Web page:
UWU snap poll of 500 educators says half are ready to walk
The Sector > Workforce > Advocacy > UWU snap poll of 500 educators says half are ready to walk without action on wages

UWU snap poll of 500 educators says half are ready to walk without action on wages

by Jason Roberts

February 26, 2024

A survey from the United Workers Union (UWU) has shown that nearly 50 per cent of respondents in a snap poll of 500 educators would be willing to leave the sector within 12 months if there is no meaningful movement on wages in the next three months.


“There is an urgent need for immediate action to address the workforce crisis in the early education sector. Educators are being forced to make the hard choice between the job they are so dedicated to, or leaving to find a job that can pay their bills,” Helen Gibbons, Early Education Director, United Workers Union said. 


UWU conducted a snap poll of 500 educators to highlight the impact of staffing shortages and high workloads, with 85 per cent of respondents saying that staff have left their service in the past year as a result of burnout. 


Other key findings from the snap poll include: 


  • 48 per cent of educators say they will leave their jobs within a year if the Federal Government does not meaningfully address wages in the sector in the short term.


  • Staffing shortages impacting quality of care: More than 99 per cent of respondents said staffing shortages in early education are impacting the quality of care and education children receive.


  • Staff attrition due to stress: 85 per cent of respondents reported instances where staff left their centre in the past 12 months due to stress and burnout.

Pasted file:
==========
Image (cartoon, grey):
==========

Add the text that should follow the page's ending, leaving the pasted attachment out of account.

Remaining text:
• Impact on wellbeing and safety: 94 per cent of respondents admitted that in the past 12 months their wellbeing or safety had been compromised as a result of stress and burnout, including reactions such as crying, panic attacks and medical issues.


  • Forced actions due to staff attrition: Respondents indicated high workloads and a lack of staff have forced them to take drastic measures including:


    • Moving children between rooms to ensure educator-to-child ratios.
    • Closing rooms due to a lack of educators.
    • Taking work home to keep up with programming.


“We are losing amazing, skilled, experienced educators and our children are losing. Spirits are low, motivation is sinking and so is quality,” one educator shared, “I am tired of being taken advantage of, being underpaid, overworked and undervalued.”


The union conducted the snap poll ahead of its planned shutdown of the sector on March 8.


“The Federal Government as the primary funder of early learning still hasn’t given educators any certainty, with no commitment to increase wages in the sector,” Ms Gibbons said. 


“As we approach International Women’s Day on March 8th, it is paramount that these workers’ voices are heard because without educators, Australia would stop.”

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